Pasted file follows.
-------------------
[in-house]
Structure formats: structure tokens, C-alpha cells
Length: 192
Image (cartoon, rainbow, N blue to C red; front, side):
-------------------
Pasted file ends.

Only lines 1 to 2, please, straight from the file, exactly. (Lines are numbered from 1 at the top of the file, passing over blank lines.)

[in-house]
Structure formats: structure tokens, C-alpha cells